What is Flange Facing and Its Benefits?

What is Flange?

Performing machining maintenance on flange surfaces is known as flange facing. So these flanges are well maintained and repaired on regular basis to protect from leaks and corrosion. Treatments like these guarantee joint integrity in aged flanges.


Why Do We Need Flange?

During construction, installation, or cuts caused by gasket leakage leads to flange damage while turbulent flow and interactions with other components. A spiral grooved finish is achieved by facing flanges. This finish makes flanges less prone to leaks as gases and liquids are forced to move in a lengthy spiral route rather than over the flange face. During factory shutoffs or maintenance, flange facing is regarded as one of the most significant repair operations.

Versatility is Important?

You can choose from ten different types of jacks to serve flanges ranging in diameter from 775 to 3061 millimeters. It is possible to create angled cuts such as o-rung grooves, chamfers, square shoulders, etc. by spinning the tool head and tool bit separately 360 degrees. Completely rotating the tool bit also provides for appropriate tool bit location.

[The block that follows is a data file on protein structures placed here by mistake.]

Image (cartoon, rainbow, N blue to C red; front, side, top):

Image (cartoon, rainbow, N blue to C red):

For situations with bridge obstacles or where service is necessary on the rear of the pipe flange or exchanger, the choice of a back-facing attachment allows additional freedom in machining operations. The replaceable feed trippers on this model further enhance its adaptability, enabling numerous mounting configurations.

Flange Facing is Needed in Which Industries?

Flange facing is more commonly required in the oil and gas, petrochemical, pharmaceutical, and electrical industries than in other segments.

Power Options: What Are They?

Compressed air is the primary means of propelling most flange facing tools in the oil and gas sectors due to the importance of flanges. In addition to electrical and hydraulic tools, others are also available for other industries. 

Applications of Flange Facing

  • Main intake steam flanges were refaced.
  • Pipe facing and beveling are essential for sealing and weld prep.
  • Flanges with flat faces, raised faces, and phonographic finishes can be repaired.
  • Repair the flanges that connect the piston rods.
  • Feed pumps for boilers.
  • Tube sheets need to be re-machined to eliminate seams.
  • New ring grooves need to be made or existing grooves need to be fixed.
  • Preparation of the vessel and plate welds.
  • Resurface the sealing surfaces on ship hatches.
  • Repair of a rotary crane’s bearing surfaces.
  • Large pump base housings are being resurfaced.
  • Heating exchangers can be repaired and valve flanges can be resurfaced.
  • Wind turbine flange milling section.
  • Faceting, drilling, and machining of ship thruster mounts.